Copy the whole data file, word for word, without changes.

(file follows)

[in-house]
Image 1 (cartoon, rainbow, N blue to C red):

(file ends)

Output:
[in-house]
Image 1 (cartoon, rainbow, N blue to C red):